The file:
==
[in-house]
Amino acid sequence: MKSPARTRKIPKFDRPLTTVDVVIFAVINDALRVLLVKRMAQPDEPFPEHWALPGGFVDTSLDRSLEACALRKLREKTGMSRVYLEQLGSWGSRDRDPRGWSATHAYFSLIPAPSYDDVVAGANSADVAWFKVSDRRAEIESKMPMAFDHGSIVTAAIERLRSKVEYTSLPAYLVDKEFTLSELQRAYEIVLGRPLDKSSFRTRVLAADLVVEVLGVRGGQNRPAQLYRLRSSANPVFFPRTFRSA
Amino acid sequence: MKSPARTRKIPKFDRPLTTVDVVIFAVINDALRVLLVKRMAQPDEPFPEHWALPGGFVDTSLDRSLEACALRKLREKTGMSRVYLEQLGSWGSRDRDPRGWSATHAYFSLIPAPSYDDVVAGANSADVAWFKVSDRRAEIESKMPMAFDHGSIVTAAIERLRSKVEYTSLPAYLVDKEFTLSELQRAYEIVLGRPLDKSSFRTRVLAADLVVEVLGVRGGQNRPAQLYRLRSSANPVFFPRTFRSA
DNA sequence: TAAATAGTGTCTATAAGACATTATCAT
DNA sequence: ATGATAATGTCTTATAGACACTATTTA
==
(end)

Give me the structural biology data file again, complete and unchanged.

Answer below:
[in-house]
Amino acid sequence: MKSPARTRKIPKFDRPLTTVDVVIFAVINDALRVLLVKRMAQPDEPFPEHWALPGGFVDTSLDRSLEACALRKLREKTGMSRVYLEQLGSWGSRDRDPRGWSATHAYFSLIPAPSYDDVVAGANSADVAWFKVSDRRAEIESKMPMAFDHGSIVTAAIERLRSKVEYTSLPAYLVDKEFTLSELQRAYEIVLGRPLDKSSFRTRVLAADLVVEVLGVRGGQNRPAQLYRLRSSANPVFFPRTFRSA
Amino acid sequence: MKSPARTRKIPKFDRPLTTVDVVIFAVINDALRVLLVKRMAQPDEPFPEHWALPGGFVDTSLDRSLEACALRKLREKTGMSRVYLEQLGSWGSRDRDPRGWSATHAYFSLIPAPSYDDVVAGANSADVAWFKVSDRRAEIESKMPMAFDHGSIVTAAIERLRSKVEYTSLPAYLVDKEFTLSELQRAYEIVLGRPLDKSSFRTRVLAADLVVEVLGVRGGQNRPAQLYRLRSSANPVFFPRTFRSA
DNA sequence: TAAATAGTGTCTATAAGACATTATCAT
DNA sequence: ATGATAATGTCTTATAGACACTATTTA